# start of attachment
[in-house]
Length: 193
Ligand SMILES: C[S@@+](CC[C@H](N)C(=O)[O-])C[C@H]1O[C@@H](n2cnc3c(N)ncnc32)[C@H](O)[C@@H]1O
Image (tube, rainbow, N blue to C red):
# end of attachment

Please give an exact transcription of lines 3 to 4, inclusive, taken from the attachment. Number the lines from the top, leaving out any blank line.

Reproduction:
Ligand SMILES: C[S@@+](CC[C@H](N)C(=O)[O-])C[C@H]1O[C@@H](n2cnc3c(N)ncnc32)[C@H](O)[C@@H]1O
Image (tube, rainbow, N blue to C red):